What am I missing?

__
Marc


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Re: GPG signing

Michel Pelletier
As it's not well documented yet (sorry) I'm following up to add signing is done with `crypto_sign()` and `crypto_sign_open()`


On Wed, May 27, 2020 at 2:42 PM Michel Pelletier <[hidden email]> wrote:
Hi Marc,

You can sign content with pgsodium:


On Tue, May 26, 2020 at 12:21 PM Marc Munro <[hidden email]> wrote:
On Tue, 2020-05-26 at 12:04 -0700, Adrian Klaver wrote:
> On 5/26/20 12:01 PM, Marc Munro wrote:
> > I need to be able to cryptographically sign objects in my database
> > using a public key scheme.
> > [ . . . ]
> > Any other options?  Am I missing something?
>
> https://www.postgresql.org/docs/12/pgcrypto.html#id-1.11.7.34.7

I looked at that but I must be missing something.  In order to usefully
sign something, the private, secret, key must be used to encrypt a
disgest of the thing being signed (something of a simplification, but
that's the gist).  This can then be verified, by anyone, using the
public key.

But the pgcrypto functions, for good reasons, do not allow the private
(secret) key to be used in this way.  Encryption and signing algorithms
are necessarily different as the secret key must be protected; and we
don't want signatures to be huge, and it seems that pgcrypto has not
implemented signing algorithms.

What am I missing?

__
Marc


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Re: GPG signing

Marc Munro
In reply to this post by Michel Pelletier
On Wed, 2020-05-27 at 14:42 -0700, Michel Pelletier wrote:
> Hi Marc,
>
> You can sign content with pgsodium:
>
> https://github.com/michelp/pgsodium

Michel,
Yay!  A modern crypto implementation.  And it seems to do most of what
I need right out of the box with way less work than pgcrypto.

Any chance that crypto_sign_detatched() and
crypto_sign_verify_detatched() will be implemented soon?

I'll implement it and provide a patch if you'd like.

__
Marc




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Re: GPG signing

Michel Pelletier


On Thu, May 28, 2020 at 5:14 PM Marc Munro <[hidden email]> wrote:
On Wed, 2020-05-27 at 14:42 -0700, Michel Pelletier wrote:
> Hi Marc,
>
> You can sign content with pgsodium:
>
> https://github.com/michelp/pgsodium

Michel,
Yay!  A modern crypto implementation.  And it seems to do most of what
I need right out of the box with way less work than pgcrypto.

Any chance that crypto_sign_detatched() and
crypto_sign_verify_detatched() will be implemented soon?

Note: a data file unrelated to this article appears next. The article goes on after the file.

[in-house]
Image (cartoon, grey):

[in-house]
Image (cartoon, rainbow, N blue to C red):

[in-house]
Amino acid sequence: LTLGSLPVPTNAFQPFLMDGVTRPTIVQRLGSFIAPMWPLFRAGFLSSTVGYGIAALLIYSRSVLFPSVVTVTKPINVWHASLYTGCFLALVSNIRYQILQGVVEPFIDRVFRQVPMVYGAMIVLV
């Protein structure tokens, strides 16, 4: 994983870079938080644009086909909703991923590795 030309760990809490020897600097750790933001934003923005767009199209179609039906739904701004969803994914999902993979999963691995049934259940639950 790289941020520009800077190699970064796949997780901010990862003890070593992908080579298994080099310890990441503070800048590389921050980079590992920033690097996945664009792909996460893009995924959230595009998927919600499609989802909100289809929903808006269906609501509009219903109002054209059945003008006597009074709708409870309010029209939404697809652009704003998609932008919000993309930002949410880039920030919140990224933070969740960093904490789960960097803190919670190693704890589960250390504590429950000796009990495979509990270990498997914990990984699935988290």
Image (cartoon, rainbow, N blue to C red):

I'll implement it and provide a patch if you'd like.

Yes please!  Always happy to merge a PR.

-Michel


__
Marc


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Re: GPG signing

Bruce Momjian
In reply to this post by Tim Cross
On Wed, May 27, 2020 at 10:14:46AM +1000, Tim Cross wrote:

>
> Marc Munro <[hidden email]> writes:
>
> > I need to be able to cryptographically sign objects in my database
> > using a public key scheme.
> >
> > Is my only option to install plpython or some such thing?   Python
> > generally makes me unhappy as I'm never convinced of its stability or
> > the quality of its APIs, and it is not obvious to me which of the many
> > different gpg-ish packages I should choose.
> >
> > Any other options?  Am I missing something?
> >
>
> This is something you would normally implement at the application level,
> using the database as just the store for the data and signatures or
> signed digests.
>
> Main reason for this is to allow for secure key management. It is very
> difficult to implement a secure key management solution at the database
> level unless it is designed into the fundamental architecture of the
> rdbms. It is the same age old problem - how can you encrypt data AND
> have the keys for the encrypted data in the same place. The main reason
> for encryption is so that if your store gets compromised, the data
> cannot be read. However, if your key is also in the store, then when
> your compromised, your key is compromised and your encryption becomes a
> mute issue.

This blog entry illustrates row signing on the client side:

        https://momjian.us/main/blogs/pgblog/2018.html#September_7_2018

--
  Bruce Momjian  <[hidden email]>        https://momjian.us
  EnterpriseDB                             https://enterprisedb.com

  The usefulness of a cup is in its emptiness, Bruce Lee